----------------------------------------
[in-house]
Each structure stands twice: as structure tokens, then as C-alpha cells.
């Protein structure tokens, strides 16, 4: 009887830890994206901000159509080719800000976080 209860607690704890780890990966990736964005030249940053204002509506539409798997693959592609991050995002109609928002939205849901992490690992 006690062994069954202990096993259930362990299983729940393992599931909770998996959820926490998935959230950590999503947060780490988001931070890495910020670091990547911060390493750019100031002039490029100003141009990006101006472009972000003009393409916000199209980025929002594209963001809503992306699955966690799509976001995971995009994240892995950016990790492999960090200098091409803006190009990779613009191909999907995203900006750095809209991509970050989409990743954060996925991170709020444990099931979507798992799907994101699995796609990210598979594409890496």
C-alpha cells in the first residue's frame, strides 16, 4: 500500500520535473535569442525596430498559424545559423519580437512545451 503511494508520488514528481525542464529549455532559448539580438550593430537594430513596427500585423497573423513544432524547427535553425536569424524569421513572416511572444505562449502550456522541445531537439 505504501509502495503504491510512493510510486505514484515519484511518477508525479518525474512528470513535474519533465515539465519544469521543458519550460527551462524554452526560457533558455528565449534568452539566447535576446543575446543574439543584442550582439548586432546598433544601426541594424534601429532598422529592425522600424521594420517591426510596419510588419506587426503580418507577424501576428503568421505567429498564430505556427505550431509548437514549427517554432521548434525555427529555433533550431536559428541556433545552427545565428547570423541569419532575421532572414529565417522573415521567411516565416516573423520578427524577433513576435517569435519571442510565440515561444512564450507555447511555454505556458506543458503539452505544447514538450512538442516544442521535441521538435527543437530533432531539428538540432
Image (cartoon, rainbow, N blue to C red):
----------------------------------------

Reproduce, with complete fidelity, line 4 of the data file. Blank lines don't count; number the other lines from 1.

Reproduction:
C-alpha cells in the first residue's frame, strides 16, 4: 500500500520535473535569442525596430498559424545559423519580437512545451 503511494508520488514528481525542464529549455532559448539580438550593430537594430513596427500585423497573423513544432524547427535553425536569424524569421513572416511572444505562449502550456522541445531537439 505504501509502495503504491510512493510510486505514484515519484511518477508525479518525474512528470513535474519533465515539465519544469521543458519550460527551462524554452526560457533558455528565449534568452539566447535576446543575446543574439543584442550582439548586432546598433544601426541594424534601429532598422529592425522600424521594420517591426510596419510588419506587426503580418507577424501576428503568421505567429498564430505556427505550431509548437514549427517554432521548434525555427529555433533550431536559428541556433545552427545565428547570423541569419532575421532572414529565417522573415521567411516565416516573423520578427524577433513576435517569435519571442510565440515561444512564450507555447511555454505556458506543458503539452505544447514538450512538442516544442521535441521538435527543437530533432531539428538540432